True, most of our major museums–like the Art Institute and the Museum of Science and Industry–receive funds from the Park District, which owns the land they sit on. But the money spent to cultivate, develop, and display local artistic talent is minuscule. And Daley’s across-the-board budget cuts forced Cultural Affairs to sever $150,000 from its grants-to-artists program. (Although it should be said in Daley’s defense that the decision to cut the grants program was Harris’s. According to administration officials, she could have taken the money from the Chicago Symphony Orchestra, which unlike emerging artists has many wealthy patrons who could have made up the difference.)

When members of the arts community heard that Harris wanted to preserve the Cultural Center after the library’s move, they were excited.

“I knew about Joan Harris’s plan, and I asked to see a copy of it,” says Rakoncay. “But she said I couldn’t see it until after Mayor Daley had a chance to review it.”

According to Rakoncay, Harris submitted her plan to Daley in June. After that the plan was never heard of again. Then sometime this summer, Harris heard on the grapevine about Daley’s proposal to move the MCA to the Cultural Center.

“She must have really been hurt because Daley didn’t even have the decency to tell Harris to her face that he wasn’t approving her plan,” says Rakoncay. “Joan and her husband [businessman Irving Harris] gave Daley lots of campaign contributions, too. It must have been one hell of a slap in the face.”

Harris will not comment on the matter. But through friends she has let it be known that she opposes plans to move the MCA into the Cultural Center. And in an interview with television reporter Andy Shaw, she denounced the $150,000 budget cut as unfair “to small and emerging arts organizations.”

Apparently, Daley has little tolerance for such independence. The day after Halloween, one of his top aides visited Harris in her office and asked her to “get with the team” or resign, according to City Hall officials. Harris chose to resign. A few days later, Lois Weisberg, who was director of Special Events under Harold Washington, was named as her replacement.

“I understand Joan’s frustrations,” says LaVelle. “I didn’t see her report, but I understand it called for $18 million to renovate the Cultural Center and move her department there. It was going to be a palace that she could use for all the cultural arts. In a perfect world that would be nice. But we just can’t justify spending all of that money.”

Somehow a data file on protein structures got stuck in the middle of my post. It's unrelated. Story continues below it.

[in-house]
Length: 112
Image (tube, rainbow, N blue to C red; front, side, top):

With Harris gone, the focus now shifts to whether MCA wants to move to the Cultural Center at all. That they must move somewhere is beyond dispute. They outgrew their current quarters on East Ontario years ago. “We’re so incredibly cramped that we have to shut down between exhibitions,” says Maureen King, press liaison for the museum. “And we very rarely get to show our regular collections.”

In 1987, the MCA announced plans to acquire and demolish the vacant state-owned armory at Chicago and Michigan avenues, and build a new gallery there with privately raised money. But the state has dillydallied on negotiations. Museum trustees felt Daley’s suggestion deserved a closer look.

“Moving to the Cultural Center probably won’t save us any capital expenses,” says one MCA insider. “But you have to love the location. We could do great on Chicago Avenue; it’s an affluent area. But very few people from the south or west sides would be able to make it there. If we moved to the Cultural Center, we’d be exposing modern art to people who had never experienced it. And that would be great for the city.”

Most likely, however, MCA won’t make the move, particularly if it means catching flak from local artists. In addition, moving to the Cultural Center would require City Council approval; certain aldermen can be counted on to demand that MCA officials toe the line on the city ordinance banning “desecration” of the flag.

“I don’t know if we want to be censored by the City Council,” says the above-quoted MCA insider. “Beyond that, we’re in a box. If we move to the Cultural Center, they’ll say we’re kicking out the artists. If we move to Chicago Avenue ten years from now they’ll say we’re not making our art accessible to the poor. We can’t win.”

One way out is for Weisberg to operate the Cultural Center with private donations, like the Art Institute or the Chicago Symphony Orchestra. Perhaps all the hotshots who have made millions here with the help of tax cuts could form a group called “Patrons of the Cultural Center” and throw a once-a-year $10,000-a-plate formal dinner, with only the rich and influential invited. That would pay the building’s bills without a problem.

Arlene Rakoncay isn’t holding her breath. “If we were talking about building a sports stadium, we would have an abundance of government and private support,” she says. “But we’re talking about the arts and culture. And in Chicago, when you talk about arts and culture, all they want to do is throw a parade.”

Art accompanying story in printed newspaper (not available in this archive): photo/Loren Santow.